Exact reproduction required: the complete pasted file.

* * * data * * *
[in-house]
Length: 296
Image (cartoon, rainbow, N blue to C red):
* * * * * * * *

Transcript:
[in-house]
Length: 296
Image (cartoon, rainbow, N blue to C red):